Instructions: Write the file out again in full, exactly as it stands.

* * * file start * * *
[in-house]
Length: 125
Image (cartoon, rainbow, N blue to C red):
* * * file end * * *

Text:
[in-house]
Length: 125
Image (cartoon, rainbow, N blue to C red):